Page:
1:15-23 Christ in his human nature, is the visible discovery of the invisible God, and he that hath seen Him hath seen the Father. Let us adore these mysteries in humble faith, and behold the glory of the Lord in Christ Jesus. He was born or begotten before all the creation, before any creature was made; which is the Scripture way of representing eternity, and by which the eternity of God is represented to us. All things being created by Him, were created for him; being made by his power, they were made according to his pleasure, and for his praise and glory. He not only created them all at first, but it is by the word of his power that they are upheld. Christ as Mediator is the Head of the body, the church; all grace and strength are from him; and the church is his body. All fulness dwells in him; a fulness of merit and righteousness, of strength and grace for us. God showed his justice in requiring full satisfaction. This mode of redeeming mankind by the death of Christ was most suitable. Here is presented to our view the method of being reconciled. And that, notwithstanding the hatred of sin on God's part, it pleased God to reconcile fallen man to himself. If convinced that we were enemies in our minds by wicked works, and that we are now reconciled to God by the sacrifice and death of Christ in our nature, we shall not attempt to explain away, nor yet think fully to comprehend these mysteries; but we shall see the glory of this plan of redemption, and rejoice in the hope set before us. If this be so, that God's love is so great to us, what shall we do now for God? Be frequent in prayer, and abound in holy duties; and live no more to yourselves, but to Christ. Christ died for us. But wherefore? That we should still live in sin? No; but that we should die to sin, and live henceforth not to ourselves, but to Him.
18. Revelation of Christ to the Church and the new creation, as the Originator of both.
he—emphatical. Not angels in opposition to the false teachers' doctrine concerning angel-worship, and the power of Oeons or (imaginary) spirit emanations from God (Col 2:10, 18).
head of the body, the church—The Church is His body by virtue of His entering into communion corporeally with human nature [Neander], (Eph 1:22). The same One who is the Head of all things and beings by creation, is also, by virtue of being "the first-born from the dead," and so "the first-fruits" of the new creation among men, the Head of the Church.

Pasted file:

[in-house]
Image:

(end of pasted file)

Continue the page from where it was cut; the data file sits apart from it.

who is—that is, in that He is the Beginning [Alford]. Rather, this is the beginning of a new paragraph. As the former paragraph, which related to His originating the physical creation, began with "Who is" (Col 1:15); so this, which treats of His originating the new creation, begins with "who is"; a parenthesis preceding, which closes the former paragraph, that parenthesis (see on Col 1:16), including from "all things were created by Him," to "Head of the body, the Church." The head of kings and high priests was anointed, as the seat of the faculties, the fountain of dignity, and original of all the members (according to Hebrew etymology). So Jesus by His unction was designated as the Head of the body, the Church.
the beginning—namely, of the new creation, as of the old (Pr 8:22; Joh 1:1; compare Re 1:8): the beginning of the Church of the first-born (Heb 12:23), as being Himself the "first-born from the dead" (Ac 26:23; 1Co 15:20, 23). Christ's primogeniture is threefold: (1) From eternity the "first-begotten" of the Father (Col 1:15); (2) As the first-born of His mother (Mt 1:25); (3) As the Head of the Church, mystically begotten of the Father, as it were to a new life, on the day of His resurrection, which is His "regeneration," even as His people's coming resurrection will be their "regeneration" (that is, the resurrection which was begun in the soul, extended to the body and to the whole creation, Ro 8:21, 22) (Mt 19:28; Ac 13:33; Re 1:5). Sonship and resurrection are similarly connected (Lu 20:36; Ro 1:4; 8:23; 1Jo 3:2). Christ by rising from the dead is the efficient cause (1Co 15:22), as having obtained the power, and the exemplary cause, as being the pattern (Mic 2:13; Ro 6:5; Php 3:21), of our resurrection: the resurrection of "the Head" involves consequentially that of the members.
that in all things—He resumes the "all things" (Col 1:20).
he might have the pre-eminence—Greek, "He Himself may (thus) become the One holding the first place," or, "take the precedency." Both ideas are included, priority in time and priority in dignity: now in the regenerated world, as before in the world of creation (Col 1:15). "Begotten before every creature, or "first-born of every creature" (Ps 89:27; Joh 3:13).